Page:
Street Art In Lisbon -Portuguese Pavement

Travel Well, Fly Safe

Street Art In Lisbon  – Portuguese Pavement

“Where utility ends and decoration begins is perfection.” Jack Gardner

If you read my blog, you know I am a fan of street art. Lisbon is no exception. There is very interesting urban art but there is  also calcada portuguesa .They are street tiles painstakingly laid down by hand in a variety of mosaic patterns throughout the city. It started in the mid nineteenth century and can be seen in the historic parts of Lisbon.

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Fly safe,

JAZ

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Sacred Art Inspired by Portugal

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Christianity in Asia: Sacred Art and Visual Splendour

May 26 – September 11, 2016 

Art inspired in Portugal and Europe – made in Asia and sent back again.

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This ‘Nanban‘ hanging oratory above is a piece of delicate beauty and of great historical and cultural value for representing the meeting of two peoples geographically so far apart as they are in their cultures, their customs, and religions: Portugal and Japan. Lent by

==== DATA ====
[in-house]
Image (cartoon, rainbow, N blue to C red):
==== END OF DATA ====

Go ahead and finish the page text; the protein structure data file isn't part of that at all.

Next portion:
This exhibition examines the spread of Christianity through the Asian continent from the 13th through the 20th century, with a special focus on the 16th, 17th, and 18th centuries, when significant trade and missionary activity occurred. Asian Christian art reveals remarkable cross-cultural connections because it often combines Western ideas with Asian materials and artistic techniques. As the religion spread, local artists re-interpreted well-established Christian themes.

The Asian Civilisations Museum is collaborating with museums and private collections in Portugal, France, Italy, the Philippines, and Hong Kong to bring stunning works of art to Singapore, many for the first time.